Scott N. Armstrong of the Courant Institute, New York University, and Charles K. Smart of the University of Chicago were awarded the 2017 SIAM Activity Group on Analysis of Partial Differential Equations (SIAG/APDE) Prize for their paper, “Quantitative Stochastic Homogenization of Convex Integral Functionals,“ published in 2016 in Annales Scientifiques de l’École Normale Supérieure. Armstrong and Smart received their awards and Armstrong gave a talk, “Quantitative Stochastic Homogenization by Variational Methods,” on December 11, 2017, at the SIAM Conference on Analysis of Partial Differential Equations (PD17) in Baltimore, Maryland.
The SIAG/APDE Prize is awarded biennially to the author or authors of the most outstanding paper, according to the prize committee, published in a peer-reviewed journal in the three calendar years preceding the award year. The prize committee for the 2017 award states that this work by Armstrong and Smart “obtained outstanding results and developed fundamental new techniques which have greatly advanced the field and have opened the path to further developments.”
Both Armstrong and Smart received their PhD, in 2009 and 2010 respectively, at the University of California, Berkeley, where they pursued different fields. Their collaboration started after graduation with a project “just for fun” about the Infinity Laplacian. This generated a series of papers, and they have been collaborating ever since.
Scott Armstrong is currently Associate Professor at the Courant Institute of New York University. His research lies at the intersection of probability and analysis and has been focused recently on stochastic homogenization of partial differential equations.
Charles Smart is Associate Professor of Mathematics at the University of Chicago. His research is focused on nonlinear partial differential equations and probability. He is particularly interested in the interaction of the two, in the form of either scaling limits of statistical physics models or homogenization of PDEs with random coefficients.
They collaborated on their answers to our questions.
Q: Why are you excited to be receiving this prize?
A: We are deeply honored to win this prize and grateful to the committee for acknowledging our work in this way. There has been a lot of interesting mathematics created in the last several years on the topic of our paper, quantitative stochastic homogenization, and we hope the prize shines a spotlight not just on our paper but also on the work of our collaborators Tuomo Kuusi and Jean-Christophe Mourrat as well as the excellent work of others such as Antoine Gloria and Felix Otto and their collaborators, who really inspired us.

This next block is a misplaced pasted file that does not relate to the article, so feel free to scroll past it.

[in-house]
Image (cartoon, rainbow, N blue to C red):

Q: Could you tell us a bit about the research that won you the prize?
A: The research is about the behavior of the solutions to certain partial differential equations with coefficients which are random oscillating on very small length scales. These equations model, for instance, physical properties (like electrical or thermal conductivity) of composite materials. On smaller scales, the solutions behave very erratically since they depend on the random oscillations of the equation, and this is very hard to analyze. One wants to be able to prove rigorously that on large macroscopic length scales, the solutions behave in a much simpler way because all this randomness averages out in some sense. This phenomenon is called ``homogenization" and the theory has many similarities to problems in statistical physics and probability theory. Recently, there has been a lot of focus among researchers on more precisely understanding how well this homogenization approximation describes the real solution. In this paper, we introduced some new ideas for obtaining quantitative bounds on the homogenization error, which arose out of the variational formulation of the equations. The variational interpretation of the equations turns out to give a rigorous way to implement a “renormalization group" approach to the problem, and our methods subsequently lead, in later work, to an essentially optimal quantitative theory for this specific model.
Q: What does your research mean to the public?
A: We hope that our research, and that of others working on similar topics, will lead to new mathematical approaches for understanding other equations with random coefficients as well as similar models of physical systems. There is still a lot to be understood at the level of basic research. The mathematics we have developed also gives a mathematical foundation for the design of numerical algorithms for computing the macroscopic properties of composite materials, which is of practical importance to engineers.
Q: What does being a SIAM member mean to you?
A: SIAM plays an indispensable role in promoting applied mathematics, supporting mathematicians and allowing us to communicate our work, keep up-to-date on the latest exciting research, and collaborate with each other.